The New York Times’ coverage of the Trump administration declaring the Iran Revolutionary Guard as a terrorist organization offered a misleading analysis of the designation’s impact, positing that the move was highly negative and would backfire or have limited impact and was simply motivated by Israel’s domestic politics.
The Times quoted Wendy Sherman, a former top State Department official under both the Clinton and Obama administrations, who said, “there would be no practical payoff given the risks to Americans and the fact the group was already under other sanctions.”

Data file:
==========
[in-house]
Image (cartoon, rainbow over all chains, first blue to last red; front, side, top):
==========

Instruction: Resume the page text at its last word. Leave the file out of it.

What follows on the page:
The Times quoted another former Obama administration official, who offered his opinion without any backup results or evidence.
“‘The potential blowback vastly outweighs the benefits’ said Jeffrey Prescott, a senior Middle East director under President Barack Obama,” the Times wrote.
The Times also cited no on-the-record official, claiming via anonymous sources that “The designation was opposed by some top Trump administration national security officials who said it could incite retaliation by Tehran against American troops and intelligence officers.”
It wasn’t until the very end of the article that the Times admitted “There are signs that Trump-era sanctions on Iran are undermining its budget for foreign military activities, meaning less money for Hezbollah and other Iranian allies. The new terrorism designation could expand on this by further undermining the Revolutionary Guards’ finances.”